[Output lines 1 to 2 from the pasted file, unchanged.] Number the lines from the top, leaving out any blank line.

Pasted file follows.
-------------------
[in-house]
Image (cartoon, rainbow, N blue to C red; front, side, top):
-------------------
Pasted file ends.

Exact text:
[in-house]
Image (cartoon, rainbow, N blue to C red; front, side, top):